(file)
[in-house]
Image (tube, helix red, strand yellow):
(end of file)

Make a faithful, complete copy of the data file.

[in-house]
Image (tube, helix red, strand yellow):